Laws and Ethics of Cyber Bullying : 

Laws and Ethics of Cyber Bullying Laws: States hold their own laws against cyber-bullying Florida’s law: “Jeffrey Johnston Stand Up for All Students Act” (Fla. Stat. section 1006.147) In most states a law is not passed until the state has directly encountered a situation with cyber bullying Ethical debate: Different views about cyber bullying Goes against students Freedom of Speech Attacking students/minors to the point of thoughts of suicide Cyber bullying that results in suicide makes the bully a “murderer”

5 Ways the school can address the issue : 

5 Ways the school can address the issue Identify that there is a problem Assessing cyber bullying School monitoring of cyber bullying/ bullying Encourage victims to report abuse Provide staff training

What can teachers do? : 

What can teachers do? Teachers play an important role in raising awareness about cyber bullying. Teachers should constantly dedicate time to help parents and students understand the severity of this issue Discourage all forms of bullying in schools Staff training in cyber bullying could result in the need of financial assistance Understand cyber bullying and the impact technology has on the issue. Filters to monitor student activity Focus Groups Student programs that dedicate time to cyber bullying Guest speakers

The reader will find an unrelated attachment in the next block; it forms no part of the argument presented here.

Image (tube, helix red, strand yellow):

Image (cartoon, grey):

Slide 14: 

i-Safty Inc. www.isafe.org Stop Cyber Bullying www.stopcyberbullying.org Cyber Bullying Research Center www.cyberbullying.us National Crime Prevention Council www.ncpc.org/cyberbullying How to Stop Bullying www.how-to-stop-bullying.com Books, Articles & Readings- Journal of School Health. “Extending the School Gounds.” By: Jaana Juvonen, PhD ., Elisheva F. Gross, PhD Journal of Adolescence Health. “Electronic Bullying Among Middle School Students.” Robin M. Kowalski, Ph.D. Susan P. Limber, Ph.D. Bullying Beyond the Schoolyard. By: Sameer Hinduja & Justin W. Patchin Cyber Bullying. By: Robin Kowalski, Ph.D., Susan Limber, Ph.D., & Patricia Agatston, Ph.D Cyber Bullying: Protecting Kids and Adults from Online Bullies. By: Samuel C. McQuade III, James P. Colt, and Nancy Meyer Helpful Websites, Books, Articles, & Readings

References : 

i-Safty Inc. http://www.isafe.org/channels/sub.php?ch=op&sub_id=media_cyber_bullying Teaching Expertise: Teach, Lead, and Succeed http://www.teachingexpertise.com/articles/cyberbullying-protect-your-pupils-and-the-school-1532 Open Congress http://www.opencongress.org/bill/110-h6123/text Make a Difference for Kids http://www.makeadifferenceforkids.org/cyberbullying.html Kowalski, Robin M., Sue Limber, and Patricia W. Agatston. Cyber Bullying: Bullying in the Digital Age. Malden, MA.: Blackwell Pub., 2008. Print. References